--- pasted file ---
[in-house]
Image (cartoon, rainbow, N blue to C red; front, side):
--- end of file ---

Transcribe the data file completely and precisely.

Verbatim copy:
[in-house]
Image (cartoon, rainbow, N blue to C red; front, side):